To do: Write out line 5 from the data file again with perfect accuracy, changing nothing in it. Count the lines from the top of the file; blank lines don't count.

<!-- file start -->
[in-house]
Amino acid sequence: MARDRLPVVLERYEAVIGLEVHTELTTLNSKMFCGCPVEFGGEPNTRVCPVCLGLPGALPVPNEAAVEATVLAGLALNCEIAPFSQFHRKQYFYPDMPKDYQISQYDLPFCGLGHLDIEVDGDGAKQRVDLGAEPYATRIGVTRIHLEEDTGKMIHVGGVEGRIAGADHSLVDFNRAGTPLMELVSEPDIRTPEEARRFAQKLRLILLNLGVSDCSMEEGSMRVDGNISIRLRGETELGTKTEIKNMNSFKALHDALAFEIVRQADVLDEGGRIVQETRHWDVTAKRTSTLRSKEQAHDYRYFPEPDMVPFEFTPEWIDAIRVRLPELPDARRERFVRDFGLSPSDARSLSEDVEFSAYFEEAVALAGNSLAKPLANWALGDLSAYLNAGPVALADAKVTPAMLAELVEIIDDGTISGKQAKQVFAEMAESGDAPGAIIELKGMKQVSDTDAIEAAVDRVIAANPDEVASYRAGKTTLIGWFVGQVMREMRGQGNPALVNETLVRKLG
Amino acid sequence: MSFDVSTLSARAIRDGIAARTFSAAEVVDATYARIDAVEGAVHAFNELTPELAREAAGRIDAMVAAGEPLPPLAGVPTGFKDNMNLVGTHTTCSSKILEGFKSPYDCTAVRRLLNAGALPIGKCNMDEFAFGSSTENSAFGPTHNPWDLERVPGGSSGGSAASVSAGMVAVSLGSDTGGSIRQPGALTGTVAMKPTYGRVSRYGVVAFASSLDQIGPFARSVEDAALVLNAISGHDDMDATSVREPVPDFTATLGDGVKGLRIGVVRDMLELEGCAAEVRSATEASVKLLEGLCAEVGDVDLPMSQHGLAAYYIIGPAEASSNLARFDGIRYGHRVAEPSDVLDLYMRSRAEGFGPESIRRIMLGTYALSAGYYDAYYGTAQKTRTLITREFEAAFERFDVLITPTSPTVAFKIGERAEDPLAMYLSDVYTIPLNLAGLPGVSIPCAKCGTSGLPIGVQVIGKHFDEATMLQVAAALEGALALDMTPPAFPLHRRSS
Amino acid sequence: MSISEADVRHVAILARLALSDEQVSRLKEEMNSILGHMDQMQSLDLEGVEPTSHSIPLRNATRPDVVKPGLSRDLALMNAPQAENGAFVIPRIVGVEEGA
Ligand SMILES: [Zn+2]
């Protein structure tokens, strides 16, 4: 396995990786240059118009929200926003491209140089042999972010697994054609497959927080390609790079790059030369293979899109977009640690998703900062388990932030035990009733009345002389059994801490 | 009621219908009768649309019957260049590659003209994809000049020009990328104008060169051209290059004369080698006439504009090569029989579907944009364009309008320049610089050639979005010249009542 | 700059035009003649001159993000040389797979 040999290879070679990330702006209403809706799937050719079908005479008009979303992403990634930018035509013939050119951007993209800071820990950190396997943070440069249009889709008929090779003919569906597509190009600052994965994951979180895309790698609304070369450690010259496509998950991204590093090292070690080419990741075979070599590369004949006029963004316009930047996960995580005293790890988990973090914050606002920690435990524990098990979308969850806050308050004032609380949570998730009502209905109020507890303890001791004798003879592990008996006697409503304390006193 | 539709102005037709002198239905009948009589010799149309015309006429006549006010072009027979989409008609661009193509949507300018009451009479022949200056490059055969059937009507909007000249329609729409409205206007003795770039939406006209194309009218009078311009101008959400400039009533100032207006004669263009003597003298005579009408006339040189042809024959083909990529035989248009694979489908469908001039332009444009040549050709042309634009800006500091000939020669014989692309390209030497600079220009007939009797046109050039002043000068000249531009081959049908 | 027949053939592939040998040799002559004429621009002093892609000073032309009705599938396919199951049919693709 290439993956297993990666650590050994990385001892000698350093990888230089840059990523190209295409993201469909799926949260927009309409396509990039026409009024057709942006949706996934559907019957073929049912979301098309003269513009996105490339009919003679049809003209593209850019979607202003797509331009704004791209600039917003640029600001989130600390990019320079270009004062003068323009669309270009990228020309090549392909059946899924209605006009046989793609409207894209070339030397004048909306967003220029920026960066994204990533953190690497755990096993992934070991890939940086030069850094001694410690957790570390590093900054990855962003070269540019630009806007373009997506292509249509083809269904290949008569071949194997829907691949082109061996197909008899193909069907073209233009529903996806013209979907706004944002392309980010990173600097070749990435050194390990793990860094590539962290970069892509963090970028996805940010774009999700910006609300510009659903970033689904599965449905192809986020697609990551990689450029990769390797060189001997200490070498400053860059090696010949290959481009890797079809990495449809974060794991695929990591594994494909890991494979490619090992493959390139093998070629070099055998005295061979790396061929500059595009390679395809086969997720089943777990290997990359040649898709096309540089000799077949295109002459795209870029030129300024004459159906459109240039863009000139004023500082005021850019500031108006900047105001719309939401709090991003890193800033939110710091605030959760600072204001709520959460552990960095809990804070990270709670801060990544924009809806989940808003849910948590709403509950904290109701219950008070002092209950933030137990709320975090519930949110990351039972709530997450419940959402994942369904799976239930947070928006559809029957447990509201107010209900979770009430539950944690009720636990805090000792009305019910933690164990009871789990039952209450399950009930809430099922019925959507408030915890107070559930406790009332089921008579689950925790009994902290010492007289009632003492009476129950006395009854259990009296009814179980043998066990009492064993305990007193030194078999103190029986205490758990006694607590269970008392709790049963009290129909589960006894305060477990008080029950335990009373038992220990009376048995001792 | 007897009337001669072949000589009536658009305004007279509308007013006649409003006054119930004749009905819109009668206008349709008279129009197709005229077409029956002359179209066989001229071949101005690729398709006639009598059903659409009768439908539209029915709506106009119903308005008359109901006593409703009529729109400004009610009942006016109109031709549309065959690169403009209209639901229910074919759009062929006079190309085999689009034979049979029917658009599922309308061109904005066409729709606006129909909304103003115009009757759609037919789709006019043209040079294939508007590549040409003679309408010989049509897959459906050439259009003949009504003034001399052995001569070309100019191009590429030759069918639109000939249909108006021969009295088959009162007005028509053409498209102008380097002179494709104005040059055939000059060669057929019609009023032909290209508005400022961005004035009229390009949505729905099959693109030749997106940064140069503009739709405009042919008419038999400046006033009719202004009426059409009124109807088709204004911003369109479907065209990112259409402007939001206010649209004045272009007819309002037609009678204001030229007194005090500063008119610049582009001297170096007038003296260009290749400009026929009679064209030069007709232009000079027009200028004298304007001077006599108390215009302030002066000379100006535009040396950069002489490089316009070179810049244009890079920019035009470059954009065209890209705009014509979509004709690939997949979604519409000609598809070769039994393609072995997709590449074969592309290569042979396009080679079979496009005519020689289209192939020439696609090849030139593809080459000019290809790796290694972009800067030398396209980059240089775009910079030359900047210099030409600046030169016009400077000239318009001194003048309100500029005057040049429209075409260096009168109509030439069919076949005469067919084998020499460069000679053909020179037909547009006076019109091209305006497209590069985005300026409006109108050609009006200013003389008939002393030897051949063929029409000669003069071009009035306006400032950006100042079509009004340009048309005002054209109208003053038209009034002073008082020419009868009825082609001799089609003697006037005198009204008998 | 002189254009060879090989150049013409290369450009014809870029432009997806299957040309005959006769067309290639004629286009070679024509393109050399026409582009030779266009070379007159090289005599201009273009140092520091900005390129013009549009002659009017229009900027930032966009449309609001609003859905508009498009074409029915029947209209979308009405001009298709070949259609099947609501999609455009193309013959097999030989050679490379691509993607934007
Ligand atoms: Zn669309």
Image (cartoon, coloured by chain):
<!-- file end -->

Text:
Ligand SMILES: [Zn+2]